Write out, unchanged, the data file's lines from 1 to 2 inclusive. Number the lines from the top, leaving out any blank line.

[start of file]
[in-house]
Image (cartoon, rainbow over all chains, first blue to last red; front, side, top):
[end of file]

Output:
[in-house]
Image (cartoon, rainbow over all chains, first blue to last red; front, side, top):